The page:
Patriot Games (1992)
Decent thriller, arguably better than the book
Tom Clancy's novel is actually set before The Hunt for Red October, showing how he came to be in the CIA. While it makes for entertaining reading, there are moments of unintentional hilarity that really spoil it when it comes to passages involving the Royal Family.
This film, set after The Hunt for Red October - a necessity with the older Harrison Ford playing Jack Ryan - has it's moments of silliness. Some serious off-key location shooting for scenes in Britain provide amusement, particularly a scene clear showing the Transporter Bridge in Middlesbrough which I've seen up close and personal. Rather out of the way considering Sean Bean's character was being transported from London to the Isle of Wight... Then there are the usual national archetypes.
While the film does cop out a bit by inventing a Royal Family member for the bad guys to target, and doing away with the black militants in the book who help out the bad guys, on it's own terms, it manages to be an effective thriller, with some standout moments that will have your heart in your throat. The best part of the film depicts an SAS raid, as seen by infrared satellite, and we see some of the CIA guys not even bat an eyelid, giving dry commentary while watching real people being killed on live transmission. The climactic boat chase maybe more appropriate for a Hollywood action film than a Tom Clancy thriller, it does get the blood pumping.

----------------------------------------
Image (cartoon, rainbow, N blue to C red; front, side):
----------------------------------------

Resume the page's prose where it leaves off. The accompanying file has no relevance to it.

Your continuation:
The Hunt for Red October (1990)
We shail into hishtory
Easily the best film ever about a Russian sub captain with a Scottish accent.
Actually he's of Lithuanian ancestry, but still...
The first movie adaptation of a Tom Clancy novel, an adaptation of his very first one, this is also the first to feature his regular protagonist, Jack Ryan, played here by Alec Baldwin, who plays him quite well as the out-of-his-depth intelligence analyst.
It is Sean Connery who dominates the film however as Red October's captain, Marko Ramius. Despite the accent, he is on excellent form throughout. The supporting cast are no slackers either - Sam Neill as Borodin, James Earl Jones as Ryan's mentor Admiral Greer, Scott Glenn as Bart Mancuso, Courtney B Vance as Jones.
Underwater scenes often provide pacing problems, and while the models used never actually saw any water, there are a few moments when the pace threatens to sag. Fortunately, it never does, with some hair-raising moments such as the Dallas stalking Red October without the latter even aware they're there, and the climactic battle with the Alfa-class V K Konovolov. There are many other great scenes too such as Ryan's set-to with a saboteur, and the Red October's evasion of a torpedo launched from a 'Bear-Foxtrot'.
Basil Poledouris' score is fantastic, lending the film an epic feel, while also ominous in more tense scenes.
The film is not without flaws. Some of the effects weren't convincing even in 1990. There are moments when the Red October looks every bit a model, an external shot of a 'Bear-Foxtrot' never looks anything less than one. It would appear a bit of corner-cutting went on with the budget. Witness an F-14 about to crash suddenly turn into vintage footage of an old 50s Grumman F9F. The same shot of a torpedo being dropped from into sea is used twice, once for the Bear, and another for an SH-60 Seahawk.
While far more believable than most spy thrillers, a few changes take away from the realism that the book's author is often praised for. The manner in which Jack concludes what Ramius is up to for instance seems awfully contrived - the evidence he bases his conclusion on in the book was actually more simple and perfectly reasonable.
Caveats aside, this remains a high point in Cold War cinema, coming out just as that era was effectively over.